Fires have grown more severe over time, too. Among wildfire scientists, fire “severity” refers to the extent that the fire changes a site’s vegetation and soils. Fire severity was highly variable in the 1980s and 1990s, partly because relatively few acres burned during this time. However, since the 1990s, the percentage of forest burned at high severity has climbed, as shown by data from Parks and Abatzoglou (2020) (Figure 2, right).
Figure 2. Burned Area and Fire Severity Have Increased Over Time
Climate change drives larger and more severe fires. The increase in wildfire activity in the western United States has been caused by abundant fuels, an increase in ignition sources, and other factors, with climate change playing an important role. Data from Parks and Abatzoglou show the percent of forest area that burned in western US states in 2016 plotted against a relevant climate measure: vapor pressure deficit (Figure 3). In fire science, vapor pressure deficit frequently is used as a measure of dryness; it measures the difference between the amount of moisture in the air and the amount of moisture the air can hold when saturated. Vegetation tends to dry out and become more flammable when vapor pressure deficit is high.
Figure 3. Dry Conditions Are Associated with Larger Wildfires
In states that were relatively dryer in 2016 (when vapor pressure deficit was relatively high), the share of forest area burned tended to be higher. This relationship holds in most years, a pattern that you can explore in RFF Data Commons.
Wildfire Smoke Impacts Public Health
Wildfire is a major contributor to unhealthy particulate matter in the United States, where exposure to wildfire smoke has increased sharply in recent years. One of the most damaging pollutants from wildfires is PM2.5, or particulate matter that’s smaller than 2.5 microns in diameter. PM2.5 comprises a mixture of chemicals that can lodge deep within human lungs and even enter our bloodstreams. Numerous scientific studies have linked PM2.5 to health problems, including asthma, heart attacks, and premature death. Figure 4 shows concentrations of PM2.5 that are attributable to wildfire smoke across the United States during the period 2006–2020. PM2.5 concentrations above a threshold of 35 micrograms per meters cubed are considered harmful to public health and are in violation of the National Ambient Air Quality Standards (NAAQS) as established by the Clean Air Act. In 2020, wildfires alone caused PM2.5 concentrations to rise above this threshold in seven states.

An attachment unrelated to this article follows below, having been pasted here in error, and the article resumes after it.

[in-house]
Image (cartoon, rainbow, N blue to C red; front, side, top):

Figure 4. Wildfires Caused Particulate Matter to Reach Dangerous Levels for Public Health in Seven States in 2020
Concentrations particulate matter were estimated by researchers at Stanford University using statistical modeling and artificial intelligence.
The risk of exposure to wildfire smoke has increased across the United States. We can use these data to visualize where Americans are most at risk of being exposed to wildfire smoke and how this risk is evolving over time. For the period 2006–2010, 226 counties (home to 48 million Americans) exceeded the NAAQS standard for at least one day (Figure 5, top). Just 10 years later, during the period 2016–2020, the number of counties that similarly exceeded the NAAQS standard more than doubled (Figure 5, bottom), growing to 518 counties that represent 71 million Americans.
Figure 5. Number of Days with Unsafe Particulate Matter Attributable to Wildfire
Particulate matter from wildfire smoke combines with pollution from other sources. Wildfire smoke poses a significant threat to human health and the environment in the American West. In addition, PM2.5 from wildfires and other sources can combine to create hazardous conditions throughout the United States. On July 1, 2015, wildfires explained 69 percent of the variation in total PM2.5 concentrations in the western United States, 57 percent in the Midwest, 83 percent in the South, and 91 percent in the Northeast. The year 2015 was hit hard by wildfires, which were a contributing factor on nearly half of all days that harbored harmful levels of PM2.5 across the United States.
But wildfire need not drive up PM2.5 concentrations if we can keep the burning under control. On the same date in 2014, a year with far less area burned and far less wildfire smoke, wildfires explained only 44 percent of the variation in PM2.5 concentrations in the West and less than 1 percent in all other regions.
Data Access for the Future
RFF Data Commons offers a unique venue through which we can help other researchers, policymakers, and the general public engage with information that is critical to solving the climate challenge. We hope this project will help make connections, supported by data, that can point toward better decisions for a healthy environment and thriving economy.